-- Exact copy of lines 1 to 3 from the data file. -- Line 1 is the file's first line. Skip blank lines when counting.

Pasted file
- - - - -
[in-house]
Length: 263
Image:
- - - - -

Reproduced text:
[in-house]
Length: 263
Image: